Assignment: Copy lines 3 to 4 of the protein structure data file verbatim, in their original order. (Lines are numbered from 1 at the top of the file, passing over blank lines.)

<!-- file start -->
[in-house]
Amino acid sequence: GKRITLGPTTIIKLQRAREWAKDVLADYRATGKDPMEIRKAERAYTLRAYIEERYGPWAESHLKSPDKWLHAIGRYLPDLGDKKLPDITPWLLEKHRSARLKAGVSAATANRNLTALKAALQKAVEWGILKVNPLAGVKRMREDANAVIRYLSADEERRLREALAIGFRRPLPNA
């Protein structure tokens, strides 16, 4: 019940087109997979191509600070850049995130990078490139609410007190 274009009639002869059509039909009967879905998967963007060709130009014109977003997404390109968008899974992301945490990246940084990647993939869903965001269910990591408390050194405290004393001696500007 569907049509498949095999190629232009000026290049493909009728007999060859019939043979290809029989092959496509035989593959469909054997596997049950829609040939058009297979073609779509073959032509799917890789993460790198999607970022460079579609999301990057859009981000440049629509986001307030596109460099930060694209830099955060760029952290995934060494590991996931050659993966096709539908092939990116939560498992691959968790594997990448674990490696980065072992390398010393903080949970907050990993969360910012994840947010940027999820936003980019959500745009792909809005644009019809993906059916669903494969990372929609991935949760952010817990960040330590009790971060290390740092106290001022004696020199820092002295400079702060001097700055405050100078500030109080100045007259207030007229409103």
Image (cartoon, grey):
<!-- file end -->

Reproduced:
């Protein structure tokens, strides 16, 4: 019940087109997979191509600070850049995130990078490139609410007190 274009009639002869059509039909009967879905998967963007060709130009014109977003997404390109968008899974992301945490990246940084990647993939869903965001269910990591408390050194405290004393001696500007 569907049509498949095999190629232009000026290049493909009728007999060859019939043979290809029989092959496509035989593959469909054997596997049950829609040939058009297979073609779509073959032509799917890789993460790198999607970022460079579609999301990057859009981000440049629509986001307030596109460099930060694209830099955060760029952290995934060494590991996931050659993966096709539908092939990116939560498992691959968790594997990448674990490696980065072992390398010393903080949970907050990993969360910012994840947010940027999820936003980019959500745009792909809005644009019809993906059916669903494969990372929609991935949760952010817990960040330590009790971060290390740092106290001022004696020199820092002295400079702060001097700055405050100078500030109080100045007259207030007229409103």
Image (cartoon, grey):